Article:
Vertically integrated fashion retailers have an easy dotcom business model compared to retailers who sell others’ brands. This relative ease comes from having an extra ~15 percentage points of margin to play with, no direct competition, an established supply chain model, and real constraints on assortment.
A retailer of third-party brands (for example, Sports Authority selling Nike, Under Armour, etc.) has none of these advantages. Hemmed in by the industry’s heavy promotion, direct price competition, rising pay-per-click advertising fees, free shipping offers and the high return rates inherent in fashion, margins tend to be so pinched in this model that even seemingly small decisions – by vendor, by category, and by promotion – can have significant impacts on the channel’s overall profitability. Just ask Amazon.
In addition, the multi-brand retailer must decide whether to ship from its own warehouse, which naturally limits the assortment, or have the vendor fill the order, for a fee. Because many vendors have the capability to offer inventory from their broader catalog, connected in real time to the retailer’s, this option is used often to limit inventory risk and expand the assortment into “long tail” territory. Very convenient, but does this option increase profits?
The key to sustaining and growing the ecom channel’s profitability is to start with a detailed understanding of its profit model, which is very different from stores’. First, in modeling variable and fixed costs, you’ll find variable costs are higher, and fixed costs lower, as a percentage of sales than in stores. Second, the capital requirements are less. You’ll find that the operating margin required for a healthy return on capital is far lower than in stores, especially if much of your inventory is virtual, held by the vendors. This profit model will also allow you to quantify the marginal profitability for a transaction at stores (assuming you do at least a back-of-the-envelope calculation) vs. ecommerce. The answer may surprise you.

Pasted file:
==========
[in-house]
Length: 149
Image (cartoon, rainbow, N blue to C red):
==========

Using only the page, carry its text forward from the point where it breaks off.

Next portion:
The next step is to examine in depth the direct profitability of what you sell, how you sell it, and where you fill it. For example, filling from your warehouse has very different economics than a vendor shipping direct to the customer. The profitability of products that tend to ship with free shipping and get returned more often will likely be less than those that aren’t. Brands and categories you have to heavily promote or advertise to generate traffic, well, ditto. To analyze the impacts of all these variables interdependently, you’ll need to construct a direct product profitability (DPP) model, down to the order-item level. This will enable you to quantify the direct contribution of any segment of the business.
These profit and DPP models will give you a good foundation for making decisions that will significantly improve the profitability of the ecommerce channel. However, even this work will not give you the complete picture. In “omni-channel” management accounting, ultimate channel profitability depends on attributions of showrooming vs. webrooming, plus dozens of other assumptions.